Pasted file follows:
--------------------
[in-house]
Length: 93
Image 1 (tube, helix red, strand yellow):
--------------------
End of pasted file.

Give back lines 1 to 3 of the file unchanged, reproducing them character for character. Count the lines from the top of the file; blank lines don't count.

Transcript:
[in-house]
Length: 93
Image 1 (tube, helix red, strand yellow):